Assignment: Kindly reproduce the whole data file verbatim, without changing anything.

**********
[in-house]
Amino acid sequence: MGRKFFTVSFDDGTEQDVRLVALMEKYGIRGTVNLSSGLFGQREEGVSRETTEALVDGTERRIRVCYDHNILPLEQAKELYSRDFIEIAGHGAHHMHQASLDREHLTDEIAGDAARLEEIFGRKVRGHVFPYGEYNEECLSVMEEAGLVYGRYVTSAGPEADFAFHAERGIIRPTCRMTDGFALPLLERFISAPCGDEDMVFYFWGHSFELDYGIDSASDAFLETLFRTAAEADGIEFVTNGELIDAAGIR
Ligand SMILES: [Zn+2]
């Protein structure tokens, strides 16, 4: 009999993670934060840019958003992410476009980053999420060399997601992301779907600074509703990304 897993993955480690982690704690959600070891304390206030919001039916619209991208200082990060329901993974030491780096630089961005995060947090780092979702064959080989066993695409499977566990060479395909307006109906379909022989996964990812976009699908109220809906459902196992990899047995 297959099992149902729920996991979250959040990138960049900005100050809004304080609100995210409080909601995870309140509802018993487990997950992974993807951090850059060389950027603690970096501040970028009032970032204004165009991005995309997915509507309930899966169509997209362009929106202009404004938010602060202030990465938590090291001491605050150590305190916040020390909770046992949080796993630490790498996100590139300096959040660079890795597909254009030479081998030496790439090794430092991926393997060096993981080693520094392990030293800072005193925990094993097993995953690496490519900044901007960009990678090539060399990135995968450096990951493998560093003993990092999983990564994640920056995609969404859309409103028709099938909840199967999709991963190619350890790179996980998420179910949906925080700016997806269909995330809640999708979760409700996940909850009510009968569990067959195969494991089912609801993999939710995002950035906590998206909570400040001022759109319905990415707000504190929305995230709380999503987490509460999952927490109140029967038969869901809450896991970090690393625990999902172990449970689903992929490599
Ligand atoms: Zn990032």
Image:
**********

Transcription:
[in-house]
Amino acid sequence: MGRKFFTVSFDDGTEQDVRLVALMEKYGIRGTVNLSSGLFGQREEGVSRETTEALVDGTERRIRVCYDHNILPLEQAKELYSRDFIEIAGHGAHHMHQASLDREHLTDEIAGDAARLEEIFGRKVRGHVFPYGEYNEECLSVMEEAGLVYGRYVTSAGPEADFAFHAERGIIRPTCRMTDGFALPLLERFISAPCGDEDMVFYFWGHSFELDYGIDSASDAFLETLFRTAAEADGIEFVTNGELIDAAGIR
Ligand SMILES: [Zn+2]
């Protein structure tokens, strides 16, 4: 009999993670934060840019958003992410476009980053999420060399997601992301779907600074509703990304 897993993955480690982690704690959600070891304390206030919001039916619209991208200082990060329901993974030491780096630089961005995060947090780092979702064959080989066993695409499977566990060479395909307006109906379909022989996964990812976009699908109220809906459902196992990899047995 297959099992149902729920996991979250959040990138960049900005100050809004304080609100995210409080909601995870309140509802018993487990997950992974993807951090850059060389950027603690970096501040970028009032970032204004165009991005995309997915509507309930899966169509997209362009929106202009404004938010602060202030990465938590090291001491605050150590305190916040020390909770046992949080796993630490790498996100590139300096959040660079890795597909254009030479081998030496790439090794430092991926393997060096993981080693520094392990030293800072005193925990094993097993995953690496490519900044901007960009990678090539060399990135995968450096990951493998560093003993990092999983990564994640920056995609969404859309409103028709099938909840199967999709991963190619350890790179996980998420179910949906925080700016997806269909995330809640999708979760409700996940909850009510009968569990067959195969494991089912609801993999939710995002950035906590998206909570400040001022759109319905990415707000504190929305995230709380999503987490509460999952927490109140029967038969869901809450896991970090690393625990999902172990449970689903992929490599
Ligand atoms: Zn990032």
Image: